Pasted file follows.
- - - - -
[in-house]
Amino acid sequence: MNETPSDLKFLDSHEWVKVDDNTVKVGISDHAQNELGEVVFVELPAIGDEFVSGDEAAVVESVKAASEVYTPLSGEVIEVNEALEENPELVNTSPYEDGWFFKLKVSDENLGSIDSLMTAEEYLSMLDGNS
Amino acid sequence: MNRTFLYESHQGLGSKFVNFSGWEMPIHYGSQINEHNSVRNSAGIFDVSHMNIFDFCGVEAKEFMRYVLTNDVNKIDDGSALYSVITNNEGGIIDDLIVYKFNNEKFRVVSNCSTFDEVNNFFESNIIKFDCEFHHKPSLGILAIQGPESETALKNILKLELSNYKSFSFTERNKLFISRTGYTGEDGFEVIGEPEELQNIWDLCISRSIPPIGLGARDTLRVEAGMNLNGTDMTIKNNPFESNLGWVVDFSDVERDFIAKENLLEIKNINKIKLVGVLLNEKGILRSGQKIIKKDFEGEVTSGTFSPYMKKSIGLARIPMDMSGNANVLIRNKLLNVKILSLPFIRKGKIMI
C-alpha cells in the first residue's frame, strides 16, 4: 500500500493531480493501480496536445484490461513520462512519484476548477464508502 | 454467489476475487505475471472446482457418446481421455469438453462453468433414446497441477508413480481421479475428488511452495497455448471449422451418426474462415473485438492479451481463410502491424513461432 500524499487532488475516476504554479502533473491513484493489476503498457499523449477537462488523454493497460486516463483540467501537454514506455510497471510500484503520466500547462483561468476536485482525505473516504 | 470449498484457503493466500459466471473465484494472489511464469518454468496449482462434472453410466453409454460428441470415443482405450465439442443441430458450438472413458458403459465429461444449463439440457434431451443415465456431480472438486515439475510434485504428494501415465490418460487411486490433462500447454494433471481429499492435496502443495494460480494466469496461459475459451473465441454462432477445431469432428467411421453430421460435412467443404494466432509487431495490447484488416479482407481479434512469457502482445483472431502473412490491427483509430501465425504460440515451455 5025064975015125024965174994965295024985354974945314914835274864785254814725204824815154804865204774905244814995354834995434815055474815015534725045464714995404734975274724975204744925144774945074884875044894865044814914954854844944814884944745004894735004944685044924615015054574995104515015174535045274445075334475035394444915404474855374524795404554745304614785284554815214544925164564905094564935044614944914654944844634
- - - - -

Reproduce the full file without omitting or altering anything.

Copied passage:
[in-house]
Amino acid sequence: MNETPSDLKFLDSHEWVKVDDNTVKVGISDHAQNELGEVVFVELPAIGDEFVSGDEAAVVESVKAASEVYTPLSGEVIEVNEALEENPELVNTSPYEDGWFFKLKVSDENLGSIDSLMTAEEYLSMLDGNS
Amino acid sequence: MNRTFLYESHQGLGSKFVNFSGWEMPIHYGSQINEHNSVRNSAGIFDVSHMNIFDFCGVEAKEFMRYVLTNDVNKIDDGSALYSVITNNEGGIIDDLIVYKFNNEKFRVVSNCSTFDEVNNFFESNIIKFDCEFHHKPSLGILAIQGPESETALKNILKLELSNYKSFSFTERNKLFISRTGYTGEDGFEVIGEPEELQNIWDLCISRSIPPIGLGARDTLRVEAGMNLNGTDMTIKNNPFESNLGWVVDFSDVERDFIAKENLLEIKNINKIKLVGVLLNEKGILRSGQKIIKKDFEGEVTSGTFSPYMKKSIGLARIPMDMSGNANVLIRNKLLNVKILSLPFIRKGKIMI
C-alpha cells in the first residue's frame, strides 16, 4: 500500500493531480493501480496536445484490461513520462512519484476548477464508502 | 454467489476475487505475471472446482457418446481421455469438453462453468433414446497441477508413480481421479475428488511452495497455448471449422451418426474462415473485438492479451481463410502491424513461432 500524499487532488475516476504554479502533473491513484493489476503498457499523449477537462488523454493497460486516463483540467501537454514506455510497471510500484503520466500547462483561468476536485482525505473516504 | 470449498484457503493466500459466471473465484494472489511464469518454468496449482462434472453410466453409454460428441470415443482405450465439442443441430458450438472413458458403459465429461444449463439440457434431451443415465456431480472438486515439475510434485504428494501415465490418460487411486490433462500447454494433471481429499492435496502443495494460480494466469496461459475459451473465441454462432477445431469432428467411421453430421460435412467443404494466432509487431495490447484488416479482407481479434512469457502482445483472431502473412490491427483509430501465425504460440515451455 5025064975015125024965174994965295024985354974945314914835274864785254814725204824815154804865204774905244814995354834995434815055474815015534725045464714995404734975274724975204744925144774945074884875044894865044814914954854844944814884944745004894735004944685044924615015054574995104515015174535045274445075334475035394444915404474855374524795404554745304614785284554815214544925164564905094564935044614944914654944844634